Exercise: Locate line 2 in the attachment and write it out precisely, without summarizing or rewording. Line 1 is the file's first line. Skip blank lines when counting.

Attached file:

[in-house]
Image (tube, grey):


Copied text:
Image (tube, grey):